At Hilton Garden Inn, new hotel general managers are introduced to the learning network at the chain’s standard orientation meeting. The site coordinators familiarize them with the key elements of the tool and instruct them on how to use it. The first group they join within the tool is the group of orientation participants.
The learning network is set up as groups of participants who share similar responsibilities, operations and hotel locations. Contrary to a consumer-driven social media network, it is not a random collection of friends or followers. The structure provides the targeted benefits the leaders need to better do their jobs. If a vice president of supply chain management is thrown together with the head of accounting, for example, the return on investment is diminished since they don’t face the same day-to-day challenges.
In the Hilton Garden Inn case, groups are organized by the nature of their location. There are separate groups on the network for hotels operating in downtown locations, airport environments and suburban destinations. The open networking within a particular group allows for efficiency and the ability to discover what peers are doing to address a particular situation. This can help improve employee performance, which, in turn, can improve organizational performance.
A learning network can be configured so that when a participant sends a message, it goes to the person’s specific peer group. Comments are automatically shared with the entire group, and there is no feature for communicating one on one with another executive. If follow-up with a specific individual is required, it can be handled via e-mail or phone.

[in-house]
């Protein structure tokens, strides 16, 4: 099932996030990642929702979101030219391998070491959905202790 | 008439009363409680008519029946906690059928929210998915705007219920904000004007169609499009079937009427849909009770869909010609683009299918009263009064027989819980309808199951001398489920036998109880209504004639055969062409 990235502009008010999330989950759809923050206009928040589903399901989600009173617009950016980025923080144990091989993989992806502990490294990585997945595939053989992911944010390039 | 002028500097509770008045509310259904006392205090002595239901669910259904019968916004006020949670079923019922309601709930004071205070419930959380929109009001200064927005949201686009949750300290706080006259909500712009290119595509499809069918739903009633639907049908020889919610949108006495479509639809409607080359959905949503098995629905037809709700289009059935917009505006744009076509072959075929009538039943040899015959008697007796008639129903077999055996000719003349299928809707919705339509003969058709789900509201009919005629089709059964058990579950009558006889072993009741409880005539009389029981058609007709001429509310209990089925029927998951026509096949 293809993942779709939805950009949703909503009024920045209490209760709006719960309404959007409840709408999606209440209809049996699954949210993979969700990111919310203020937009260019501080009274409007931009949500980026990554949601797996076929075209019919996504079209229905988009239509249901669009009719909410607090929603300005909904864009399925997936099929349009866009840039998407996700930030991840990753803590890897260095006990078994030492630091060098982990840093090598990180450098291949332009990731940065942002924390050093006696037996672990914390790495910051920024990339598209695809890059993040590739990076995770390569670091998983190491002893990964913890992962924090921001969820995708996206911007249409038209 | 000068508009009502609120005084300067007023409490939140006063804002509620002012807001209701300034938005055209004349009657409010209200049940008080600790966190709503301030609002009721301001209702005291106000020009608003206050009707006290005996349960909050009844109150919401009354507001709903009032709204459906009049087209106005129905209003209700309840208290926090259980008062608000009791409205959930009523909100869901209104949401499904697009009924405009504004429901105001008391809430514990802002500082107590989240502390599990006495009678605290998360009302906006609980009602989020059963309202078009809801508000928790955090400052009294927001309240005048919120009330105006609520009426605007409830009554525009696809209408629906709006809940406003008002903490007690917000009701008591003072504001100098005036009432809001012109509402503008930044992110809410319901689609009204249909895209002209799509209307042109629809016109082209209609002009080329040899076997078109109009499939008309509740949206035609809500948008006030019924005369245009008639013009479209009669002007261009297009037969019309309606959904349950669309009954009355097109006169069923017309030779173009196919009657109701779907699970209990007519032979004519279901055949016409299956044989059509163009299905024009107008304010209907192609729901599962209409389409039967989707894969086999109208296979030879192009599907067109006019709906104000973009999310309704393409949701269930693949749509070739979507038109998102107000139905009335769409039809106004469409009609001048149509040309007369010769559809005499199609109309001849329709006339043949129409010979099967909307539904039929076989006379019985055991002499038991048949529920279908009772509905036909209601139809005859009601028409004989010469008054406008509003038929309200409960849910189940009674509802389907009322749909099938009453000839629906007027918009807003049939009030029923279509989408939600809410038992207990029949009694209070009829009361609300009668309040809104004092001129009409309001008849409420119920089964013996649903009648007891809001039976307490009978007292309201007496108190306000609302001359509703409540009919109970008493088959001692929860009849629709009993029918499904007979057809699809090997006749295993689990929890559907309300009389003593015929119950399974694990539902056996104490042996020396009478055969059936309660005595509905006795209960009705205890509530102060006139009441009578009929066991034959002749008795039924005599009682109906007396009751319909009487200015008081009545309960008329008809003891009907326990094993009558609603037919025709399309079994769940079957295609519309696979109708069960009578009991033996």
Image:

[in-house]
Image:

To keep it simple, the learning networking site for the Hilton Garden Inn properties contains three main areas:
- Personal information about each general manager, such as name and hotel location.
- Information about each group set up on the network.
- A general manager hot line for urgent questions.
For the Hilton Garden Inn chain, the learning network’s success is measured by the level of participation, the sharing of information that solves real problems and the opportunity to take key learnings from the site and formulate best practices for everyone to see.
While a key ingredient for any learning network is leadership participation, a second key ingredient is quality information. Participants should offer insightful thoughts, post helpful comments and share any supporting materials that can provide extra information. To help ensure quality information exchange, a learning network can incorporate a ratings system for posted content.